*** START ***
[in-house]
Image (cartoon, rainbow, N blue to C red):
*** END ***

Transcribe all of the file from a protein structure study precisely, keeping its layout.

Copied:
[in-house]
Image (cartoon, rainbow, N blue to C red):